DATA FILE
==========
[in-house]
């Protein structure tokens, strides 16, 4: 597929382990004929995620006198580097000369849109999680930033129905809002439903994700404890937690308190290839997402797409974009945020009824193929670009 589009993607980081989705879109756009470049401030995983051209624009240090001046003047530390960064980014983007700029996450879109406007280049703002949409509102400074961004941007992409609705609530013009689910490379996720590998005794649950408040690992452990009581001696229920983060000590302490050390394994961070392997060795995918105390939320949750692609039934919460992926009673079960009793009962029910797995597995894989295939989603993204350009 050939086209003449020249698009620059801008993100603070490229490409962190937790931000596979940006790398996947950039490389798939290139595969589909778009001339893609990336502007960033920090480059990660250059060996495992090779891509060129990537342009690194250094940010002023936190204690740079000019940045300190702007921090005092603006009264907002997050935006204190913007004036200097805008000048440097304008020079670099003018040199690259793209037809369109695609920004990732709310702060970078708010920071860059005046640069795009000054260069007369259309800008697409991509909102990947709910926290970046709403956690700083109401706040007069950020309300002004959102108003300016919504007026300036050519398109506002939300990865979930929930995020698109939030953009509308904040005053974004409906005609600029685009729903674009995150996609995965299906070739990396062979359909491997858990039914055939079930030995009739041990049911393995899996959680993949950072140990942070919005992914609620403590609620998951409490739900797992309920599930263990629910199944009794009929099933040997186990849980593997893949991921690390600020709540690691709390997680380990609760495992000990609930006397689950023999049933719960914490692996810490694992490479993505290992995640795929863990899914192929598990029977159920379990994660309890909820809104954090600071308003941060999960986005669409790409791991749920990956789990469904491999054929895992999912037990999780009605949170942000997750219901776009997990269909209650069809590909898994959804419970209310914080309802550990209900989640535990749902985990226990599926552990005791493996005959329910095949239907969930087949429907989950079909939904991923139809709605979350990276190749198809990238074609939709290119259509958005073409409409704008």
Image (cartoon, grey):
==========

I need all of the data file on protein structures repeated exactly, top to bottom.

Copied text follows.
[in-house]
């Protein structure tokens, strides 16, 4: 597929382990004929995620006198580097000369849109999680930033129905809002439903994700404890937690308190290839997402797409974009945020009824193929670009 589009993607980081989705879109756009470049401030995983051209624009240090001046003047530390960064980014983007700029996450879109406007280049703002949409509102400074961004941007992409609705609530013009689910490379996720590998005794649950408040690992452990009581001696229920983060000590302490050390394994961070392997060795995918105390939320949750692609039934919460992926009673079960009793009962029910797995597995894989295939989603993204350009 050939086209003449020249698009620059801008993100603070490229490409962190937790931000596979940006790398996947950039490389798939290139595969589909778009001339893609990336502007960033920090480059990660250059060996495992090779891509060129990537342009690194250094940010002023936190204690740079000019940045300190702007921090005092603006009264907002997050935006204190913007004036200097805008000048440097304008020079670099003018040199690259793209037809369109695609920004990732709310702060970078708010920071860059005046640069795009000054260069007369259309800008697409991509909102990947709910926290970046709403956690700083109401706040007069950020309300002004959102108003300016919504007026300036050519398109506002939300990865979930929930995020698109939030953009509308904040005053974004409906005609600029685009729903674009995150996609995965299906070739990396062979359909491997858990039914055939079930030995009739041990049911393995899996959680993949950072140990942070919005992914609620403590609620998951409490739900797992309920599930263990629910199944009794009929099933040997186990849980593997893949991921690390600020709540690691709390997680380990609760495992000990609930006397689950023999049933719960914490692996810490694992490479993505290992995640795929863990899914192929598990029977159920379990994660309890909820809104954090600071308003941060999960986005669409790409791991749920990956789990469904491999054929895992999912037990999780009605949170942000997750219901776009997990269909209650069809590909898994959804419970209310914080309802550990209900989640535990749902985990226990599926552990005791493996005959329910095949239907969930087949429907989950079909939904991923139809709605979350990276190749198809990238074609939709290119259509958005073409409409704008």
Image (cartoon, grey):